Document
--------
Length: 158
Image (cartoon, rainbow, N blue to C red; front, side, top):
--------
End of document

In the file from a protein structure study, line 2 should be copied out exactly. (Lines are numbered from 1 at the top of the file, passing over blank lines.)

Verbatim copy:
Image (cartoon, rainbow, N blue to C red; front, side, top):